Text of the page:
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Alexander SCRIABIN (1872-1915)
24 Preludes, Op.11 [31.02]
6 Preludes, Op.13 [8.04]
5 Preludes, Op.15 [6.46]
5 Preludes, Op.16 [8.30]
7 Preludes, Op.17 [9.20]
Javier Negrín (piano)
rec. Teatro Leal, La Laguna, Spain, 13-15 February 2012
ODRADEK 855317 003059 [63.48]

This disc handily assembles the complete Scriabin ‘Travel Preludes’ written during the early years of the composer’s life between 1888 and 1896 but mainly in the latter two years. It was written during his tours of Europe giving solo piano recitals. The scores indicate the places and dates of composition at the end of each piece. As such they are almost entirely free of the mysticism and sheer waywardness of the composer’s later works, reflecting more the Chopinesque atmosphere of his early Piano Concerto and the first two Piano Sonatas. Most of the individual pieces are very short indeed; of the 47 tracks on this disc, thirteen are under a minute in duration and only five last more than two minutes. As such they have hardly time to establish themselves before they are over, leaving one with a slightly unsatisfied feeling. There are occasional little harmonic quirks which identify the composer who would write the later sonatas, but otherwise this is music designed to charm an audience rather than send it into ecstasies.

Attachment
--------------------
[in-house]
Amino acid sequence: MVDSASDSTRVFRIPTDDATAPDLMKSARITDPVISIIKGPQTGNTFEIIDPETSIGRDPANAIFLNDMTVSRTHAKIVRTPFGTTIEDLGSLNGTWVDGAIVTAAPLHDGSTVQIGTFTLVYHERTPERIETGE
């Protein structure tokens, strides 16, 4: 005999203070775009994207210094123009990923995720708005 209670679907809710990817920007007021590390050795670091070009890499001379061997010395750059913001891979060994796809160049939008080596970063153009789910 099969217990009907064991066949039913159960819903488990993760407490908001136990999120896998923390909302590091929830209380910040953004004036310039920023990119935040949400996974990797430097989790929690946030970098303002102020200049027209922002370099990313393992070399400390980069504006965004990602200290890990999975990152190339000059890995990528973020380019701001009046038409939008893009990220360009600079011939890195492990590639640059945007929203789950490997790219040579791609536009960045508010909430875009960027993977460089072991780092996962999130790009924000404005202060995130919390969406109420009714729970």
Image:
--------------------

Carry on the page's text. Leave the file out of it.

This is however the only recording in the current catalogue to give us all the ‘Travel Preludes’ other than as part of multi-disc surveys either of the complete Preludes or compendiums of the complete Scriabin piano music. As such it has a unique value, particularly for those who already have recordings of the more characteristically Scriabinesque later works and may not wish to duplicate these. Javier Negrín is a good guide to the music, and plays with plenty of panache; he is recorded in a lively and resonant acoustic, and the piano is kept at just the right distance.
 
By the time he came to write the Op.17 Preludes in late 1896 there is increasing evidence of the individual Scriabin; the score indicates many accelerandi and ritenuti showing with great exactitude the precise amount of rubato which he wanted in performances, although oddly enough he gives remarkably few indications for pedalling. Negrín carefully follows the composer’s detailed instructions, and adds a number of personal touches which always sound totally idiomatic.
 
This may not be essential Scriabin, but it is enjoyable even though the succession of brief morsels may induce indigestion if consumed all at once. I found it best to listen to each set of Preludes individually, allowing them to work their undeniable charms in small doses.  

Paul Corfield Godfrey

 

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